Is there anything more ridiculous than PLUR?
Let me just start by saying that any movement helping to promote a greater sense of Peace Love Unity and Respect is fantastic. It's truly a commendable and worthwhile cause and is the very essence of the dance music philosophy: meet new people, share a moment, treasure it and store it in your soul for eternity. A shimmer of light in a world overwhelmed by darkness.
The current PLUR explosion is as far removed from the original philosophy as could be, originating near 30 years ago by one of the founders of the scene, Frankie Bones. It was a cause to unite all who danced in the shadows to coexist in a musical sanctuary. There was no need for outfits, 'Kandi beads' or the emphasis on the sheer attention seeking of those who now lay claim to the PLUR movement.
Instead of a united philosophy where everybody is one and the same, worshiping only the music, and the exhilaration of being alive, festivals are now littered with multi-coloured, human-like, jelly-baby silhouette sucking dummies.
PLUR was never about YouTube tutorials or Wiki pages (12 steps to becoming a Kandi Kid), or secret handshakes only known to fellow PLURists. Peace, Love, Unity, Respect was a calling card to all who wished to follow. How can someone expect to project PLUR to a fellow raver with a gas mask wrapped around their face? If anything, the "fashion" of PLUR promotes division and intimidation by putting focus on visual appearances rather than genuine soulful connection.
Sadly it seems that American dance music culture is pushing too hard to lay claim to their own PLUR 2.0 movement, almost like an over compensation, or as a way to stamp an identity on a movement that was created for the very opposite reason. Does paying $100 dollars for a tacky outfit and adorning your arms with beads really suggest a movement welcoming to all? Or does all this rave showboating make the concept of PLUR less accessible to people casually looking for a musical escape?
Even the legendary Seth Troxler (look him up he's a big deal) is unhappy with the current PLUR movement. Speaking to Thump magazine he spoke about the history of PLUR and its relevance today:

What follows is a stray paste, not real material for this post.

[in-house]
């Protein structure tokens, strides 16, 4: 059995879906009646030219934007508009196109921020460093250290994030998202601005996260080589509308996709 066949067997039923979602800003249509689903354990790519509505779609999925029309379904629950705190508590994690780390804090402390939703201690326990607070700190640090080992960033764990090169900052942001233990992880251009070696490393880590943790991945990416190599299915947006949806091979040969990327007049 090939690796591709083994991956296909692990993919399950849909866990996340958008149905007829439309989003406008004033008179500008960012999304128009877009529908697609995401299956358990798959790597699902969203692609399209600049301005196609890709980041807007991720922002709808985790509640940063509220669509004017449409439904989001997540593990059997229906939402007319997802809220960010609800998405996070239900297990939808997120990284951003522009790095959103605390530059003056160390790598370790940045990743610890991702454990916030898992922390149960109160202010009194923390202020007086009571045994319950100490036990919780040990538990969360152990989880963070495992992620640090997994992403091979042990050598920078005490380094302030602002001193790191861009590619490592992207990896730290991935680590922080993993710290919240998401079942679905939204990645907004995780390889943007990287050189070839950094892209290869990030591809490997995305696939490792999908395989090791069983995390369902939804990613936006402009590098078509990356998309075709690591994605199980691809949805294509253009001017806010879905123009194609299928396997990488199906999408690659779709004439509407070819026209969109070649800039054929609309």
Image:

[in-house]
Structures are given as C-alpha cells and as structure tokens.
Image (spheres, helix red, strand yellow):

I was in a club recently and there was this guy there with one of the original Paradise Garage tee shirts on. We got talking, and he said the major difference with dance music now and back then, is back then there was real diversity. You had social, class, race, sexual diversity-and that's cool. That's what dance music culture is about. Everyone under one roof, exploring their own and each others identities. A celebration of something more, something outside of received norms. Not having a giant glow stick and getting on it.
PLUR needs to devolve rather than evolve, it needs to go back to a previous time, when glow in the dark outfits didn't define who you were at a festival, what defined you was who you were as a person. It wasn't about how saucer eyed you are or whether you've been smashed in the face by a cake, it was about the music, that's the reason you've paid the money to be there in the first place.
With the burgeoning of PLUR 2.0, we find that rather than be lost together in a sea of 70,000 fellow dance music fans, blissfully at ease with the world, a new culture has emerged. This post-millennium incarnation of PLUR promotes a culture of neediness, a culture of attention-seeking. The need to stand out from the crowd, to stand apart from everyone else is a tragedy as it goes against the very ethos of what dance music culture is supposed to be about: unity.
Although fashion is purely cosmetic, it's effects can counter the ethics of dance music by placing more importance on style than on the music. I don't suggest that you ditch your neon garb for all black, by all means dress up in the wildest and wackiest outfits you can imagine. Expression is important, but consider whether your outerwear is a reflection of your inner being, or just an innocuous attempt to display dance music elitism.
There's no twelve step guide to becoming a dance music fan, you're either in or you're out. Spending $200 dollars on an outfit and wearing 90,000 beads does not mean that you are the epitome of PLUR. Dance music captures your heart, mind and soul, that's something that you won't be able to buy or find on a Google search.
PLUR is more than an outfit, it is a culmination of hope, belief, and passion, it is sharing caring and kindness. It is feeling the music, rather than waiting impatiently for that one song you like. PLUR is life.
And don't get me started on that ridiculous PLUR handshake.
Until next week.
The Prophet Has Spoken